written by: Elizabeth Wistrom
• edited by: Sarah Malburg
• updated: 1/5/2012
Here are two really easy and quick science projects you can do to intrigue and amaze your students. These elementary science activities will show your students just how interesting science can be!
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Demonstrate just how exciting science lessons are, and your students will quickly decide that science is an incredibly engaging subject - especially when they realize that it is possible to reproduce these science tricks at home to amaze their family and friends.
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Capture the Ice Cube
water in shallow dish or glass
various other objects or materials (for example, flour, chalk, sand, rocks, pencils)
Before beginning the science activity, give each student (or pairs of students) a string, and an ice cube floating in a glass of water or shallow dish. Ask them to find a way to pick up the ice cube using a string. After several minutes, ask students to share various methods tried. You may want to make a list, or graph the number of students that tried the same method(s). You can also graph the number of students that were successful versus the number of students that were not. For older elementary students, you can convert this number into percentages.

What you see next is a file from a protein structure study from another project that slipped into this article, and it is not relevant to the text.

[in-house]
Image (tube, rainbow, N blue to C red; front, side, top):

Now, demonstrate a solution. Here's how:
Place the string on top of the ice curve and sprinkle salt lightly over the top.
After a few seconds, place the string on top of the ice cube.
Lift the ice cube right out of the glass or shallow dish.
Here is how it works:
Adding salt to the ice causes a drop in temperature, which slows the melting rate of the ice and increases the freezing rate. The result is that the ice melts more slowly after the initial addition of the salt, and allows the string to adhere to the ice.
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A bowl filled about 2/3 full of water
Sprinkle some pepper on top of the water. Tell your students that you are really a magician in disguise, and that you can make pepper run away. Rub some of the dish soap on your fingertip. When you dip your soapy finger into the water, the pepper will quickly move to the sides of the bowl. When you remove your finger, the pepper remains at the sides. Your students will be amazed...especially when you explain that it is really science at work - not magic!
Here is how it works:
The pepper particles are being held up by the surface tension of the water. The soap reduces the attractive forces of the water molecules, thus reducing the surface tension. As the water pulls away from the soap, it carries the pepper along with it.
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Using these elementary science activities for the first day of school will not only peek the interest of your students, it will show them that science is more than just theories and formulas. Demonstrating the practical aspects of science will make them begin to think about science in a whole new way.
Here are some other cool science experiments to try: